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Plant Science, BS

Emphases: Horticulture and Cropping Systems; Research
Department: Plants, Soils, and Climate Department
College: College of Agriculture and Applied Sciences



Plant Science

About This Degree

USU is home to the only agriculturally focused plant science degree in the state. In this program, students focus on the research, production, and management of economically important plants. Students have access to faculty mentors and the opportunity to receive hands-on experience working side-by-side with research scientists in laboratories, greenhouses, and fields.

Plant science majors are able to customize their education and focus on a variety of areas in the plant science field, such as sustainable agriculture, crop physiology and biotechnology, weed control, fertilization, water requirements and application, and the specific production of fruits, vegetables, turf, ornamentals, and agronomic crops.


Emphases:

Students must choose an emphasis.

  • Horticulture and Cropping Systems: This emphasis is focused more on applied, hands-on work with plants. It is designed for students interested in applied aspects of plant production and management in the field, nursery, orchard, or greenhouse. Students can also study plant management, preparing them for careers with golf courses, botanical gardens, school campuses, and other landscapes.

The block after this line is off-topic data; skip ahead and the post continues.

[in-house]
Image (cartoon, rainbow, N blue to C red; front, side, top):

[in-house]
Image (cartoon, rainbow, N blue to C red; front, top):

• Research: This emphasis is designed for students intending to attend graduate school. It is focused on the science of crop production, including plant breeding and genetic engineering. Because of the rapidly changing technologies in the field of plant and food production, plant research scientists are in high demand.

Location(s)

  • BS - Logan Campus , Regional Campuses (Kaysville, Orem, Salt Lake)

Distance Education

The BS in plant science with an emphasis in horticulture and cropping systems is available through USU’s Regional Campuses and Distance Education program.


Horticulture and Cropping Systems Emphasis

  • Orchard, greenhouse, or nursery management
  • Golf course or parks superintendent
  • Laboratory technician
  • Supervisor or demonstrator of chemical or technical products
  • Inspector of agricultural products
  • Private businesses in irrigation equipment sales
  • Work abroad through government or philanthropic foundations to help solve world food, soil, and environmental problems
  • Garden center, seed, and chemical sales
  • Agricultural production
  • Owning or managing farm-related businesses
  • Consulting
  • Agricultural product sales
  • Government agencies

Research Emphasis

Students pursing this emphasis typically continue on to graduate school to become plant research scientists who work in the following areas:

  • Genetic engineering
  • Agribusiness
  • Plant breeding
  • Research laboratories
  • Government agencies
  • Agriculturally oriented research companies
  • Chemical firms
  • Work abroad through government or philanthropic foundations to help solve world food, soil, and environmental problems
  • Academia

 

Career Services provides counseling and information on hundreds of job and internship opportunities and even helps students apply and interview.

Admissions Requirements

In addition to Utah State University’s admissions requirements, the plant science program has additional requirements: